The Supreme Court and Wal-Mart: Does diversity (of the Justices, that is) matter?

Employers across America can rejoice and thank the U.S. Supreme Court for its decision handed down last week in Wal-Mart Stores Inc. v. Dukes, signaling the end of a huge class action lawsuit brought on behalf of female employees alleging systemic sex discrimination. As reported by Tony Mauro for the National Law Journal (link here):

The Supreme Court on Monday handed a sweeping victory to Wal-Mart, the nation’s largest employer, in the company’s decade-long effort to thwart a discrimination class action filed on behalf of more than 1 million female current and former workers. The ruling is likely to hobble other large employment class actions as well.

Commentary about the decision, pro and con, already is voluminous. For three useful roundups, check out Workplace Prof, and Ohio Employer’s Law Blog.

Diversity matters

Law professor Melissa Hart of the University of Colorado writes (link here):

The most striking and disturbing thing about the Supreme Court’s decision in Wal-Mart Stores Inc. v. Dukes is the hostility evinced by the five-justice majority toward efforts of working women to address systemic workplace discrimination.

I agree and ask why this is so. Here’s my partial hypothesis: Members of the Supreme Court comprise one of the most homogeneous groups of people on the planet in terms of socioeconomic status and overall work and life experience. It is entirely fair to suggest that these factors played some role, however unconscious, in the decision.

Last year, the ABA Journal (membership magazine of the American Bar Association) featured two studies documenting powerful correlations between the race and sex of judges and the results of federal employment discrimination claims.  As reported by Edward Adams (link here), the studies formed the focus of a program at a major ABA meeting:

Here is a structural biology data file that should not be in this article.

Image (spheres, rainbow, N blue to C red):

A judge’s race or gender makes for a dramatic difference in the outcome of cases they hear—at least for cases in which race and gender allegedly play a role in the conduct of the parties, according to two recent studies.

Racial harassment claims and race of judges

In federal racial harassment cases one study…found that plaintiffs lost just 54 percent of the time when the judge handling the case was an African-American. Yet plaintiffs lost 81 percent of the time when the judge was Hispanic, 79 percent when the judge was white, and 67 percent of the time when the judge was Asian American.

Sexual harassment & sex discrimination claims and sex of judges

…A second study…looked at 556 federal appellate cases involving allegations of sexual harassment or sex discrimination in violation of Title VII of the Civil Rights Act of 1964. The finding: plaintiffs were at least twice as likely to win if a female judge was on the appellate panel.

The current composition of the Supreme Court

Justices signing on to the key portion of the majority decision included Chief Justice John Roberts and Associate Justices Samuel Alito, Jr., Anthony Kennedy, Antonin Scalia, and Clarence Thomas.

Those who dissented in this portion of the decision were Associate Justices Stephen Breyer, Ruth Bader Ginsburg, Elena Kagan, and Sonia Sotomayor.

Hmm, see any gender pattern there?

Okay, from a social science research perspective, a sample of nine judges voting in one case lacks statistical significance to support a hypothesis. But do take a look at the bios of the Justices and check out their educational backgrounds, work histories, and who appointed them. (And by the way, when the bios refer to “private practice,” they usually refer to working at large corporate law firms representing powerful business interests.)

It should be clear that these individuals do not represent a cross-section of the American experience. This is not to say that any individual Justice is “unqualified” or improperly “biased” simply because of a resume. Rather, if we believe the most famous words of Justice Oliver Wendell Holmes, Jr. — “The life of the law has not been logic; it has been experience” — then it’s obvious that the life experiences of the Justices have been fairly narrow ones.


Law review articles

Go here for the 2009 Washington University Law Review article on racial harassment claims and race of judges, by professors Pat Chew and Robert Kelley.

Go here for the 2005 Yale Law Journal article on sexual harassment & sex discrimination claims and sex of judges, by then-law student, now practicing attorney Jennifer Peresie.

2 responses

  1. For some strange reason, this reminds me of something a feminist blogger (I can’t recall) once wrote: In a sexist world, a man with experience in something becomes an expert, but a woman with experience in something has “lost her objectivity.”

  2. So much for “Justice for All”. It is no wonder lawyers aren’t taking on cases of bullying or discrimination. What does that say to the targets?

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